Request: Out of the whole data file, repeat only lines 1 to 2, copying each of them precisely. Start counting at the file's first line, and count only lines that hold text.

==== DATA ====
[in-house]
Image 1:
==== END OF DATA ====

[in-house]
Image 1: